Waterkeeper Has Eyes on The Seagrass

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Calusa Waterkeeper has announced the start of the “Eyes on Seagrass” pilot program in Lee County, a program developed and managed by Florida Sea Grant in partnership with the University of Florida Institute of Food and Agricultural Scientists. The program will monitor and protect seagrass habitats along the coast that are under threat.

Seagrass beds are crucial ecosystems that support a diverse array of marine life, stabilize coastal sediments, and play a significant role in carbon sequestration. However, these invaluable habitats face numerous threats, including pollution, boat propeller damage, and climate change.

The “Eyes on Seagrass” program will empowers community members to become stewards of their local environment by engaging in seagrass monitoring activities. Volunteers will collect data on seagrass health, density, and distribution, providing scientists and policymakers with information for conservation and management efforts.

Calusa Waterkeeper has trained hundreds of citizen scientists in its Ranger Program over the years who are the boots on the ground or fins in the water helping the Waterkeeper protect and restore nearly 1,000 miles of waterway.

“We are excited to help launch the ‘Eyes on Seagrass’ pilot program in Lee County,” said Calusa Waterkeeper Captain Codty Pierce. “Seagrass ecosystems are critical for the health of our coastal waters, and by involving the community in monitoring efforts, we can work together to safeguard these important habitats for future generations.”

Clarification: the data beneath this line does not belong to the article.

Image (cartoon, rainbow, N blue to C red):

Participants in the program will receive training on seagrass identification and monitoring techniques, equipping them with the skills needed to contribute meaningfully to conservation efforts. By harnessing the collective power of citizen scientists, “Eyes on Seagrass” aims to enhance our understanding of seagrass dynamics and promote informed decision-making for coastal management.

The “Eyes on Seagrass” pilot program represents a significant step forward in coastal conservation efforts, demonstrating the potential for community-driven initiatives to make a tangible impact on environmental sustainability.

To get involved in the “Eyes on Seagrass” program call 239-899-1440 or email info@calusawaterkeeper.org or visit calusawaterkeeper.org.

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